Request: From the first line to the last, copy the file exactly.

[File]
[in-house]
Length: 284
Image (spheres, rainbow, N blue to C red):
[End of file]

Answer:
[in-house]
Length: 284
Image (spheres, rainbow, N blue to C red):